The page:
Preservation of various meats is something that out ancestors did as a matter of course but which modern people have forgotten how to do because of all of the convenience that comes with living in a specialized society. It's not so difficult to relearn these almost lost arts. Ironically, the Internet and other modern technologies like mass production manufacturing has brought specialized devices tailor to the art of smoking within the reach of the everyman. These devices are inexpensive and well worth it since building one can be troublesome if you are not the handy type. Also, the manufactured devices and backyard grill add ons are much more precise in how they control the temperature and smoke volume.
You can use gas grills smokers, a built in grill with a smoker addition, or gas grills with a built in smoker to make some full-flavored smoked salmon or other smoked fish. It takes time and energy, but the heavenly and nutritive finish are well worth all of the preparation and work. Smoking like this will elevate cooking on gas grills to new heights.
In this world of processed and chemical filled frankenfood, it would be invigorating to travel back to another time when small native settlements would smoke their eats over a smoldering fire or in a smoke filled smoke house so that it could be preserved to tide them over during winter. This is in our blood. Most cultures through history had some form of smoking as food preservation before modern science and refrigeration were discovered. I will not feud against refrigeration, but substances in food, I believe, can lead to unhealthiness or nutritional scarcity. While food smoking does create some naturally formed substances that you would not want to ingest exclusively or every day, with reasonable frequency it is fine, as is betrayed by the fact that people have been doing it for ages minus any distinguishing chronic or inevitable effect.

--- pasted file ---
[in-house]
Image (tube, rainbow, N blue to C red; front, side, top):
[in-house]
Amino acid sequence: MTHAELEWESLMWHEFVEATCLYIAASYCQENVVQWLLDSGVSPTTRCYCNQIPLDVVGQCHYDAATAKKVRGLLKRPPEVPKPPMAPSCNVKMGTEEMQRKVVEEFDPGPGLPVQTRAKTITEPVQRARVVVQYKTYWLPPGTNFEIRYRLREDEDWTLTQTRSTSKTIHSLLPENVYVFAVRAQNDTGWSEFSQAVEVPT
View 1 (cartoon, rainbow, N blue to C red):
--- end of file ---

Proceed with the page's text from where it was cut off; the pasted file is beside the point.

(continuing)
Let's smoke some fish.
High quality fish is the best. You can eat fresh salt water fish like salmon and tuna raw. Sushi anyone? If you eat fish raw, it must be just caught. Beside merely fresh, uncooked as described, or barbecuing it, you can also freeze it in order to preserve it for later. Canning is good too but you might have to first learn about safe canning methods. Smoking is yet another method of safeguarding fish. I relish chilled vacuum shut smoked salmon from the supermarket, and I have sometimes enjoyed canned smoked sprats from Latvia, which were very enchanting and tasteful on rye bread.
You want to be shielded from microbes and parasites, so I advocate soaking the fish in a brine (salt) solution first. You can use electric, charcoal, wood, or gas grills smokers for the job.
Buy the fish. Clean them out and cut the heads off. Carve them into fillets and blocks. Leave the skin on. Put the skin side down onto the grates so if they stick you lose the skin and it does not matter. If you were to try this with fish steaks the meat would stick to the grains and fall by the wayside. All you would have remained would be a hodgepodge and a lot of anger, and wasted fish.
Submerge the fish in a brine solution of sugar, spices, and salt. You can use a conservative but I say that you do not need things that you can not spell. Use your own intelligence.
Prepare the fish with this basic brine solution:
1/2 cup non-iodized (Kosher is adequate) salt
1/2 cup sugar
1 quart water
Stir until salt and sugar are completely dissolved.
Place fish into the solution, being careful to see to it that the fish is completely covered in the brine and place it in the refrigerator.
Fat 1 inch plus lumps should be in brine from 8 to 12 hours.
Thin 1 inch or less lumps should be in from 6 to 8 hours.
Take your fish from the brine and rinse each segment under cool water. Being gentle, pat dry and lay the lumps on some paper towel to air dry for at least one hour. After one hour you should observe that the fish has a kind of glossy surface film, or "pellicle". This is natural. This film serves as a surface for the smoke to stick to during the smoking process. After an hour of drying, the fish should be a bit sticky to the touch, and this means that it is ready for the smoking process.
Woods such as Mesquite, Hickory, and Apple are acceptable. Adler is another acceptable wood. Do not use pine as it is imparts a petroleum like taste and you will get a horrid taste to your food. When using fruit woods, you can also add some pieces of the genuine fruit to the wood for added flavor. You will have to refill the wood holder a few times during the entire smoking process.